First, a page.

Claim professionals have to be aware of the law. As part of your undying commitment to getting your work done right, you have to know your stuff.
Most of us in the legal realm can acknowledge the empty abyss that is construction law cases that get before the Supreme Court of the United States (SCOTUS). Contract construction is typically not something that makes it all the way up the chain. But those of you that have been wanting some top end opinion on forum selection clauses – rejoice.
Last week, SCOTUS took on review of a 5th Circuit case involving a federal construction project in Texas. The general contractor in this case inserted a forum selection clause that required all litigation to be filed in Virginia. A subcontractor filed a suit against the general contractor in a Texas federal court, when the general failed to pay.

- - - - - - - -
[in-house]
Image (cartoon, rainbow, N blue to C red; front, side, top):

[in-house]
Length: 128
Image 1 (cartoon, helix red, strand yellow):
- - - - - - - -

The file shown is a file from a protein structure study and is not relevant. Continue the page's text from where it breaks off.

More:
In In re Atl. Marine Const. Co., Inc., 701 F.3d 736 (5th Cir. 2012) cert. granted, 12-929, 2013 WL 1285318 (Apr. 1, 2013), the general contractor filed a motion to dismiss and/or transfer the matter in accordance with the forum selection clause – the trial court denied it. After an unsuccessful appeal to the 5th Circuit, the general filed for certiorari and was granted the pleasure of a SCOTUS review. Exciting, indeed.
For those of you that wondered what the 5th Circuit said, there was a concurrence with the trial court. The limited 5th Circuit opinion stated that the court, in determining a transfer of forum, must consider more than just the forum selection clause. The court should consider convenience, location of witnesses and documents, and property laws.
So we all now await the SCOTUS opinion. In the meantime, sureties and claim professionals should not feel very comfortable in their bonded principals’ forum selection clauses. Be wary that the court will look to more than the lettering of the contract.